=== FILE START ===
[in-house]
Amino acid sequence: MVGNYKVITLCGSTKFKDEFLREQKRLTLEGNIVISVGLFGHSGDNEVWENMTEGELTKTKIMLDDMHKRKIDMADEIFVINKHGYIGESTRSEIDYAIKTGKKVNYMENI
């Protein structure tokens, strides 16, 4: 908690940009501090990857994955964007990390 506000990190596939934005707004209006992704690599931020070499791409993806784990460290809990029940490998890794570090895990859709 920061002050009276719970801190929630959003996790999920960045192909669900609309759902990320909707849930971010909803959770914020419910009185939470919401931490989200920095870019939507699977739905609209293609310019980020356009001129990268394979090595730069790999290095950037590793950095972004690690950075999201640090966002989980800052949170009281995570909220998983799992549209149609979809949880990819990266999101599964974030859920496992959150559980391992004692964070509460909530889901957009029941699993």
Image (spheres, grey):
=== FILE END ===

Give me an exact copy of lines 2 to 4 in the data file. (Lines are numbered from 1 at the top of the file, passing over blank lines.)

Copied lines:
Amino acid sequence: MVGNYKVITLCGSTKFKDEFLREQKRLTLEGNIVISVGLFGHSGDNEVWENMTEGELTKTKIMLDDMHKRKIDMADEIFVINKHGYIGESTRSEIDYAIKTGKKVNYMENI
């Protein structure tokens, strides 16, 4: 908690940009501090990857994955964007990390 506000990190596939934005707004209006992704690599931020070499791409993806784990460290809990029940490998890794570090895990859709 920061002050009276719970801190929630959003996790999920960045192909669900609309759902990320909707849930971010909803959770914020419910009185939470919401931490989200920095870019939507699977739905609209293609310019980020356009001129990268394979090595730069790999290095950037590793950095972004690690950075999201640090966002989980800052949170009281995570909220998983799992549209149609979809949880990819990266999101599964974030859920496992959150559980391992004692964070509460909530889901957009029941699993």
Image (spheres, grey):